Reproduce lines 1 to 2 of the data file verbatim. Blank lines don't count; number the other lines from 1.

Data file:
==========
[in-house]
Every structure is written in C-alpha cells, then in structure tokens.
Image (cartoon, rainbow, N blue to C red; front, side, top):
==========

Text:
[in-house]
Every structure is written in C-alpha cells, then in structure tokens.